Monday, August 16, 2004

Just after I returned home tonight, there was a knock on my door. Can I just say that I have the best neighbors, ever? Kay and Andy, my downstairs neighbors. Kay is from Texas, but she's not a Bush kind of person. She's friendly and talkative, a counselor, always interested in my life. I've been taking her to Hydro-fit lately, and we'e been introducing our lives to each other on the drives there and back. Andy is from the Philipines, originally, and he's soft-spoken and kind. He has spent the entire summer transforming the small lawn space before our house into a glorious garden. Orange zinnias and bright pink fuschias and a profusion of plants for which I don't know the names. (I blocked out the botantical facts after working with Keely on the gardening book.) The doorsteps are covered in summer spectactulars. And I didn't do any of it. Andy did.

He's also a cook.

Yesterday, as I passed him on the front steps, as he worked on the garden, Andy told me that he caught a 20-pound salmon when he went fishing. Wow, I said. He said he was going to smoke some of it, and they'd have me over for bagels and lox soon. Okay with me.

So, they knocked on my door tonight. I greeted Kay, and her pug dog, Daisy. We chatted about her weekend in Southern California. And then Andy emerged from their front door and handed me a plate. A huge piece of perfectly grilled pink salmon, on a bed of red-green lettuce, roasted zucchini, and a roasted ear of corn. What? They just gave me this. No reason. No occasion. Just sharing. I had just eaten at the lovely party I attended tonight, so I'm saving it for lunch tomorrow. But the glowing effect is the same now.

I feel really blessed to be surrounded by so many kind, giving people in my life. This summer, in particular, I seem to be noticing the profusion of them. The orange zinnias and bright pink fuschias of my friends and acquaintances and the ones whose names I don't even know. Everywhere, it's kindness. Those are the only people I have in my life now, the ones who give.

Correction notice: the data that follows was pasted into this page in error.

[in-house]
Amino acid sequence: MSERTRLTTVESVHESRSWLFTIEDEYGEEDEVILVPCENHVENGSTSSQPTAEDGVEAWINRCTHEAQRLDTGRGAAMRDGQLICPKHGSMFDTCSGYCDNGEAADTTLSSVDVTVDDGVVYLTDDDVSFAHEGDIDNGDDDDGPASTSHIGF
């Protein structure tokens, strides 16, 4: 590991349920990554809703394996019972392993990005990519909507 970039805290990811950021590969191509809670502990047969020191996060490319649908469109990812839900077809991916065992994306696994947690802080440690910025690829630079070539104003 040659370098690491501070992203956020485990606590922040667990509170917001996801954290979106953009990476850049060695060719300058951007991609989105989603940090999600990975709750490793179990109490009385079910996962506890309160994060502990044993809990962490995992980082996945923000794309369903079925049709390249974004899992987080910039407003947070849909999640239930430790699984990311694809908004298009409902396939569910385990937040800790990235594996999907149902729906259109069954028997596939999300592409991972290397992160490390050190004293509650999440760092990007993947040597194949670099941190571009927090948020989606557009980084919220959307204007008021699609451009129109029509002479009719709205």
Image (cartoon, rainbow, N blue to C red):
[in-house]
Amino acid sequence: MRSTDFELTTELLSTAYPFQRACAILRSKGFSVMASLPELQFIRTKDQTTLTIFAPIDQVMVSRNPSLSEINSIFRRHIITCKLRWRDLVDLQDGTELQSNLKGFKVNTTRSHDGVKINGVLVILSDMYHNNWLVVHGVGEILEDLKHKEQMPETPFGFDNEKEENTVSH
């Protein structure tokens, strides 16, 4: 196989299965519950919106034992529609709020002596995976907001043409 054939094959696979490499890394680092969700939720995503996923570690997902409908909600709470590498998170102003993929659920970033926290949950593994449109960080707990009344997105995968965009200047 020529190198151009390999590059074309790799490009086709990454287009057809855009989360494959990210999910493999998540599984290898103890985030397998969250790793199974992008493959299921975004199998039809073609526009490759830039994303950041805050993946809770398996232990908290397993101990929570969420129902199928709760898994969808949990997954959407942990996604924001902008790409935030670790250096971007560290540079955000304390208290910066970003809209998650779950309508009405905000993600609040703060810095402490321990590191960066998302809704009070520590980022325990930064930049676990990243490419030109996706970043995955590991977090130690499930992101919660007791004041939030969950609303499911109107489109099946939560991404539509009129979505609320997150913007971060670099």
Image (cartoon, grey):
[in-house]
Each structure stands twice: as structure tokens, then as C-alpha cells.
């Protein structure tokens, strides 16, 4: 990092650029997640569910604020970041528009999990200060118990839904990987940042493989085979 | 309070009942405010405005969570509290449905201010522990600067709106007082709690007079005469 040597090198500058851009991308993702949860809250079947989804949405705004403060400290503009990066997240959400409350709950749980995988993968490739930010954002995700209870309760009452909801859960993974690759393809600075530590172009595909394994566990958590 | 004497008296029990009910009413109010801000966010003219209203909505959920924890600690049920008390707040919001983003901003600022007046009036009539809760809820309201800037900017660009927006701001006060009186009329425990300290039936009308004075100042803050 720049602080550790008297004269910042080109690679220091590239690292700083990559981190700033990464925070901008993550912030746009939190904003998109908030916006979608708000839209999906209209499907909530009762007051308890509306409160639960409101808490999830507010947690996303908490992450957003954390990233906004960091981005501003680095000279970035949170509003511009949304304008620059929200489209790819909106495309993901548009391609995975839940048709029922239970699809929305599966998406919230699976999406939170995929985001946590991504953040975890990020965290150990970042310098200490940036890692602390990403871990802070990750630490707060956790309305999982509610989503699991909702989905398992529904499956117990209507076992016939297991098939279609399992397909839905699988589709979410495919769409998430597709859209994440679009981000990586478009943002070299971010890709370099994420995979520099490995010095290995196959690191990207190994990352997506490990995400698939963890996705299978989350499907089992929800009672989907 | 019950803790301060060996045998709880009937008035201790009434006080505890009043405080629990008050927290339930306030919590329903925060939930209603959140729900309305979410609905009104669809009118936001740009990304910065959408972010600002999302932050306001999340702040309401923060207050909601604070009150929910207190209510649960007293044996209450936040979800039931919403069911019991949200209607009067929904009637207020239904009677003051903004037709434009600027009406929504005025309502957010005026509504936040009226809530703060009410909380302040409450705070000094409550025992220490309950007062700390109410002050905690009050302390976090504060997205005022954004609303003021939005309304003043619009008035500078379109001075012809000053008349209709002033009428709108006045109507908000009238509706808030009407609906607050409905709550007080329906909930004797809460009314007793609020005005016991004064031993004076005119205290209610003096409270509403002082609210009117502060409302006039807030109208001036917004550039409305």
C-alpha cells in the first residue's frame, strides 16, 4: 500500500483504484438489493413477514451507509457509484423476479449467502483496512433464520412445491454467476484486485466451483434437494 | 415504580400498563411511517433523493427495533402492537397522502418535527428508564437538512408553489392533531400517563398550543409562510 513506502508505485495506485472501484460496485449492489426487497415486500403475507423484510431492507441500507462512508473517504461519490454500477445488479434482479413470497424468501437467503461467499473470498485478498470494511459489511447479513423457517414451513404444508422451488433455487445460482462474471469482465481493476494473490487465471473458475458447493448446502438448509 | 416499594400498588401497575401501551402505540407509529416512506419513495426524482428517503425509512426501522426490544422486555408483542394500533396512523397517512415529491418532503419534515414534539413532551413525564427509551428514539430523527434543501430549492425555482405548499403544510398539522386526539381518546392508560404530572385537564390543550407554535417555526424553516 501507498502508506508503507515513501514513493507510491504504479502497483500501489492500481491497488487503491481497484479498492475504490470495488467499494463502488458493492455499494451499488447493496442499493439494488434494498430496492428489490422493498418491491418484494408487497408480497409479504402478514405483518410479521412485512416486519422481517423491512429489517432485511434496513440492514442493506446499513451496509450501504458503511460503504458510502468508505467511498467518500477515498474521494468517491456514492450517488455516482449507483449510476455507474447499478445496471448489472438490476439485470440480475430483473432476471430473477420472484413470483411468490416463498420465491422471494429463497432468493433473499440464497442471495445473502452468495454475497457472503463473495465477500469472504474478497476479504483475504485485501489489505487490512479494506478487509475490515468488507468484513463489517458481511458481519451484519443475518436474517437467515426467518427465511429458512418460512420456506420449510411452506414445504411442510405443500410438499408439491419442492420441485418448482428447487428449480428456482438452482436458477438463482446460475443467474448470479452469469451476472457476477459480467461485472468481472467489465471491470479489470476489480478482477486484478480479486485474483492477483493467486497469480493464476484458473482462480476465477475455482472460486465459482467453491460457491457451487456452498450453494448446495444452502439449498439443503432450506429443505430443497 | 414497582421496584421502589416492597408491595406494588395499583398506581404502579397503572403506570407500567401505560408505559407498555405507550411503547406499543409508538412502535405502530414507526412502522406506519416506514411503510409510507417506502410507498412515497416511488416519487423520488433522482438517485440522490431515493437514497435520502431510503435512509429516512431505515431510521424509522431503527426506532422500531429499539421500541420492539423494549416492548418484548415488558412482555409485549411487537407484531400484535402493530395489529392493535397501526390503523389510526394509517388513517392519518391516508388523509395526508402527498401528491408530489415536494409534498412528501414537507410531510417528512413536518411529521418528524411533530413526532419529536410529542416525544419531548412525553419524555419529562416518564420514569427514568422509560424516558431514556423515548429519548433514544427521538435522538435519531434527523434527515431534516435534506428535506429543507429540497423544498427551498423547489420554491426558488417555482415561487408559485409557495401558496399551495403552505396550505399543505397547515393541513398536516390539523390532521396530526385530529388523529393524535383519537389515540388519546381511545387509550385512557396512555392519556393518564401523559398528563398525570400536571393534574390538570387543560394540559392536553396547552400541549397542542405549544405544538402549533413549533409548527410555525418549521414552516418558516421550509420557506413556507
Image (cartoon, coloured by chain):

And the ones who like to receive, because I'm the same. I love, love, love giving to people. Sending care packages to Alaska. Editing friends' dissertations. Making mix cds for any occasion. It's the only way I want to live, helping other people. Even when my kindness is not directly reciprocated, it comes back from someone else, almost immediately. Even when someone in particular responds to my gestures with silence and lack of kindness in return, and it hurts my feelings, it still doesn't stop me. I just want to give.

Yesterday morning, I made oatmeal cookies, big fat ones, and took them right out of the oven and headed to the pool. I have made so many friends there, most of them over seventy. Mary had been teasing me that I didn’t bring any food for the goodbye party the day before. So I woke up early and threw together cookies. I didn’t have time to taste them, but I knew they were good. They were enormous and filled with nutmeg. When I arrived at the pool, Mary was already in. All I could see was her fuschia-pink bathing suit straps and her white Nike hat above the blue water. “Mary!” I shouted, and I brandished the bag of cookies at her. She giggled her throaty laugh and smiled. After class---ah, the buoyant feeling after class--we all climbed out and gathered around the bag of warm cookies. Bob had to take out his bubble gum first. Everyone oohed and ahhed. It seemed it was a particularly good batch. It was a sweet feeling, all the senior citizens gathered around me in the sunshine, and me feeding them cookies.

I made a vow, long ago, to help everyone I could, in every moment. Because that's why I'm alive. Why we're all alive, I feel.

"Kindness is my only religion." --the Dalai Lama


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